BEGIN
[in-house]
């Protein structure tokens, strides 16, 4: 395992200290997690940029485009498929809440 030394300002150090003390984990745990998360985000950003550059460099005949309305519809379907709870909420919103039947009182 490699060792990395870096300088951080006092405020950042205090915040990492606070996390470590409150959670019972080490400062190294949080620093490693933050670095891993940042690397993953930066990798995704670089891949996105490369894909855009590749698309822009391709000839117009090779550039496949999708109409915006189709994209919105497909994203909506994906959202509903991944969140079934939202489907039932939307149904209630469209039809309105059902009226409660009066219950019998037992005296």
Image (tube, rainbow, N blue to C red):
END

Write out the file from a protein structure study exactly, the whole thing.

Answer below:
[in-house]
């Protein structure tokens, strides 16, 4: 395992200290997690940029485009498929809440 030394300002150090003390984990745990998360985000950003550059460099005949309305519809379907709870909420919103039947009182 490699060792990395870096300088951080006092405020950042205090915040990492606070996390470590409150959670019972080490400062190294949080620093490693933050670095891993940042690397993953930066990798995704670089891949996105490369894909855009590749698309822009391709000839117009090779550039496949999708109409915006189709994209919105497909994203909506994906959202509903991944969140079934939202489907039932939307149904209630469209039809309105059902009226409660009066219950019998037992005296």
Image (tube, rainbow, N blue to C red):